• According to a further preferred embodiment, the baseband digital part includes a measuring means for measuring interference and noise for both antennas during an idle frame of a communication by switching between the two antennas during the idle frame.
  • BRIEF DESCRIPTION OF THE DRAWINGS
  • The present invention will become more fully understood by the following detailed description of preferred embodiments thereof in conjunction with the accompaying drawings, in which:
  • Fig. 1
    an antenna system for use in a mobile phone handset as a first embodiment of the present invention;
    Fig. 2
    a flow chart of an exemplary possible tracking algorithm for the antenna system of Fig. 1;
    Fig. 3
    a flow chart of another exemplary possible trakking algorithm for the antenna system of Fig. 1; and
    Fig. 4
    results of the achieved SINR gain at the 10% level for the case with equal branch power for both antennas of Fig. 1.
    DESCRIPTION OF THE PREFERRED EMBODIMENTS
  • In the figures, the same reference signs denote the same or functionally equivalent elements.
  • Fig. 1 shows an antenna system for use in a mobile phone handset as a first embodiment of the present invention.
  • In Fig. 1 reference sign Al, A2 denote a first and second antenna; AS a variable gain means; WS a phase shifter; 40 a combiner; 30 a RF front end; 20 a baseband digital part; 10 a weight generation part; xi(m,k) a received signal vector;
    Figure 00080001
    (m) a normalized weight; and y(m,k) a combined signal vector.
  • In Fig. 1., the antenna element consists of 2 antenna elements A1 and A2, where the amplitude and phase of the received signal from antenna A1 is altered prior to the RF combining in combiner 40 by use of the variable gain block AS and the phase shifter WS right after the antenna element A2. This antenna system is based on pre-detection, so it only requires a single receiver chain, an extra antenna element, one extra variable gain block, a phase shifter and a combiner in comparison to usual antenna systems.
  • The RF front end 30, the baseband digital part 20 and the weight generation part 10 constitute a controlling means for controlling said variable gain means (AS) and said phase shifter (WS) such that the output signal of said combiner (40) has optimized weights regarding said output signals of said first and second antenna (A1, A2).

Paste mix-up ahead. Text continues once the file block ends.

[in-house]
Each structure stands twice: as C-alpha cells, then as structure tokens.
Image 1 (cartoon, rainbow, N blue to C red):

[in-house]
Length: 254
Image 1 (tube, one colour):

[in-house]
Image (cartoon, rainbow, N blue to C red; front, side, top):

• In particular, the RF (Radio Frequency) front end 30 performes a down conversion of the signal y(m,k) from the combiner 40. The baseband digital part 20 is a digital information processing part and includes a digital signal processor (DSP). The weight generation part 10 generates the control signals for the variable gain means AS and the phase shifter WS according to the numerical calculations of the DSP.
  • It has been found that the antenna system in Fig. 1 has the potential for a significant improvement of the SINR performance, particularly when used in an interference limited micro cell environment by a slow moving user.
  • The considered antenna system is intended for a handset implementation in a TDMA(Time Division Multiple Access) system, such as GSM (Global System Mobile), but not limited to GSM.
  • Specifically, a procedure for predicting the weights has been evaluated, which is suitable for a GSM handset implementation.
  • The evaluation was carried out in a typical GSM-1800 urban micro cell environment with the desired BS (Base Station) and IBS (Interfering Base Station) located outdoor and the mobile located indoor in office like environments.
  • The signal received by the handset will contain not only the desired signal, but also interfering signals and noise. For the two-antenna branch case which is shown in Fig. 1 the received signal vector x(m,k) can be expressed as:
    Figure 00100001
    where m represents the number of the GSM burst and k numbers the samples in the burst. xd(m,k), xn(m,k) and xj(m,k) are the received desired signal, noise and jth interfering signal vectors, respectively, and L is the number of interferes. Furthermore, let Sd(m,k) and Sj(m,k) be the desired and jth interfering signals, with
    Figure 00100002
  • Then x(m,k) can be expressed as
    Figure 00110001
    where ud(m) and uj(m) are the desired and jth interfering signal propagation vectors, respectively.
  • The received signal correlation matrix is given by
    Figure 00110002
  • Assuming the desired signal, noise and interfering signals are uncorrelated, Rxx(m) is given by
    Figure 00110003